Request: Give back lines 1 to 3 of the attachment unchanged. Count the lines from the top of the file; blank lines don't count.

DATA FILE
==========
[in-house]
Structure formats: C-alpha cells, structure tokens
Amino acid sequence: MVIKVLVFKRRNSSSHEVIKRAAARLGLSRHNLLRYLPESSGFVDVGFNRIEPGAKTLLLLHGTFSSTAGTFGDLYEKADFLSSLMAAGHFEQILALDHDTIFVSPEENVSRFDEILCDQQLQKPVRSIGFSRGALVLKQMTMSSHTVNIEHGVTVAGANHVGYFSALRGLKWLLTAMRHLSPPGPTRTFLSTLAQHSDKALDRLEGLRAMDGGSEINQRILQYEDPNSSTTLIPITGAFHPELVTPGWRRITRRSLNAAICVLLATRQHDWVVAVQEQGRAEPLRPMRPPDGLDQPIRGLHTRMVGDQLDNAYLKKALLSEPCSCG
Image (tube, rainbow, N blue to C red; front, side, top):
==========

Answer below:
[in-house]
Structure formats: C-alpha cells, structure tokens
Amino acid sequence: MVIKVLVFKRRNSSSHEVIKRAAARLGLSRHNLLRYLPESSGFVDVGFNRIEPGAKTLLLLHGTFSSTAGTFGDLYEKADFLSSLMAAGHFEQILALDHDTIFVSPEENVSRFDEILCDQQLQKPVRSIGFSRGALVLKQMTMSSHTVNIEHGVTVAGANHVGYFSALRGLKWLLTAMRHLSPPGPTRTFLSTLAQHSDKALDRLEGLRAMDGGSEINQRILQYEDPNSSTTLIPITGAFHPELVTPGWRRITRRSLNAAICVLLATRQHDWVVAVQEQGRAEPLRPMRPPDGLDQPIRGLHTRMVGDQLDNAYLKKALLSEPCSCG